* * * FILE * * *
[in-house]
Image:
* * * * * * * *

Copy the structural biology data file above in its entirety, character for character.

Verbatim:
[in-house]
Image: